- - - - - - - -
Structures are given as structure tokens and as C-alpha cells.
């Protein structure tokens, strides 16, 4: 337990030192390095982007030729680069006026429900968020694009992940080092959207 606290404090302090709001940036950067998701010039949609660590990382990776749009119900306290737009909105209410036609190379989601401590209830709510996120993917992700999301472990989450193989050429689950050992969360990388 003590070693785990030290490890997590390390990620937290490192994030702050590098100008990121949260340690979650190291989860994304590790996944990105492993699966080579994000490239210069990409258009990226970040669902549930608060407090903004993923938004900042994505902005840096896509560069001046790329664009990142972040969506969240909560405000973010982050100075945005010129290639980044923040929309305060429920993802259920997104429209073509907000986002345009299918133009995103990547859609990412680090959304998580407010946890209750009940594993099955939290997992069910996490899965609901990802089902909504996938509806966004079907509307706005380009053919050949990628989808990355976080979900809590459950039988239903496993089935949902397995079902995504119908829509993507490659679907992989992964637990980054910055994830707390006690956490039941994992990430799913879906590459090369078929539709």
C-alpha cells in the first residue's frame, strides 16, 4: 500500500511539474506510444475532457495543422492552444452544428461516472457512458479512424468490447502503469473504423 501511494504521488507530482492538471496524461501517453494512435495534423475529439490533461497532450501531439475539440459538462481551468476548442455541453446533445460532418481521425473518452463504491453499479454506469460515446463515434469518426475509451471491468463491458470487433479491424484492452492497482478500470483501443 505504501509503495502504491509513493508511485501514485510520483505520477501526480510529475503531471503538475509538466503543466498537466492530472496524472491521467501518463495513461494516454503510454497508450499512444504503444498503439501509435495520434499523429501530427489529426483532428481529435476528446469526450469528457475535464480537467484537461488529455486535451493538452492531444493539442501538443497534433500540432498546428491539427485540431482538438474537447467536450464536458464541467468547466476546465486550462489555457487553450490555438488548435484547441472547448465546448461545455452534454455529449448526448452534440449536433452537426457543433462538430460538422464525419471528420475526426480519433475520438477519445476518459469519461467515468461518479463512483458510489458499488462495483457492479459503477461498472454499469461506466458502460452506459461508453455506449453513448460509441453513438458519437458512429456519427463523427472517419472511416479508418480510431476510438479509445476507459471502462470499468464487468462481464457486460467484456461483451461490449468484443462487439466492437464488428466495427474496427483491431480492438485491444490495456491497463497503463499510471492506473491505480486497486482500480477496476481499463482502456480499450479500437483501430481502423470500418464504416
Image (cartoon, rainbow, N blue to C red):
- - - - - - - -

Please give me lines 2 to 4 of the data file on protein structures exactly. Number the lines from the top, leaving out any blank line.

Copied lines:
């Protein structure tokens, strides 16, 4: 337990030192390095982007030729680069006026429900968020694009992940080092959207 606290404090302090709001940036950067998701010039949609660590990382990776749009119900306290737009909105209410036609190379989601401590209830709510996120993917992700999301472990989450193989050429689950050992969360990388 003590070693785990030290490890997590390390990620937290490192994030702050590098100008990121949260340690979650190291989860994304590790996944990105492993699966080579994000490239210069990409258009990226970040669902549930608060407090903004993923938004900042994505902005840096896509560069001046790329664009990142972040969506969240909560405000973010982050100075945005010129290639980044923040929309305060429920993802259920997104429209073509907000986002345009299918133009995103990547859609990412680090959304998580407010946890209750009940594993099955939290997992069910996490899965609901990802089902909504996938509806966004079907509307706005380009053919050949990628989808990355976080979900809590459950039988239903496993089935949902397995079902995504119908829509993507490659679907992989992964637990980054910055994830707390006690956490039941994992990430799913879906590459090369078929539709």
C-alpha cells in the first residue's frame, strides 16, 4: 500500500511539474506510444475532457495543422492552444452544428461516472457512458479512424468490447502503469473504423 501511494504521488507530482492538471496524461501517453494512435495534423475529439490533461497532450501531439475539440459538462481551468476548442455541453446533445460532418481521425473518452463504491453499479454506469460515446463515434469518426475509451471491468463491458470487433479491424484492452492497482478500470483501443 505504501509503495502504491509513493508511485501514485510520483505520477501526480510529475503531471503538475509538466503543466498537466492530472496524472491521467501518463495513461494516454503510454497508450499512444504503444498503439501509435495520434499523429501530427489529426483532428481529435476528446469526450469528457475535464480537467484537461488529455486535451493538452492531444493539442501538443497534433500540432498546428491539427485540431482538438474537447467536450464536458464541467468547466476546465486550462489555457487553450490555438488548435484547441472547448465546448461545455452534454455529449448526448452534440449536433452537426457543433462538430460538422464525419471528420475526426480519433475520438477519445476518459469519461467515468461518479463512483458510489458499488462495483457492479459503477461498472454499469461506466458502460452506459461508453455506449453513448460509441453513438458519437458512429456519427463523427472517419472511416479508418480510431476510438479509445476507459471502462470499468464487468462481464457486460467484456461483451461490449468484443462487439466492437464488428466495427474496427483491431480492438485491444490495456491497463497503463499510471492506473491505480486497486482500480477496476481499463482502456480499450479500437483501430481502423470500418464504416
Image (cartoon, rainbow, N blue to C red):